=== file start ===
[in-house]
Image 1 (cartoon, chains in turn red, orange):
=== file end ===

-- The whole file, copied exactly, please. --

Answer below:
[in-house]
Image 1 (cartoon, chains in turn red, orange):